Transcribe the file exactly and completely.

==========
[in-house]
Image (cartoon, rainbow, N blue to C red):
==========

[in-house]
Image (cartoon, rainbow, N blue to C red):